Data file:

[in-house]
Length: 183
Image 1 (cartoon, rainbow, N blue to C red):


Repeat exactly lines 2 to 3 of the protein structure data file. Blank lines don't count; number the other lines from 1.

Length: 183
Image 1 (cartoon, rainbow, N blue to C red):